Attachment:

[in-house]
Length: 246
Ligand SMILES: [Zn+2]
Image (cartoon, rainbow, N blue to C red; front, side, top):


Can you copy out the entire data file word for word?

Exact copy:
[in-house]
Length: 246
Ligand SMILES: [Zn+2]
Image (cartoon, rainbow, N blue to C red; front, side, top):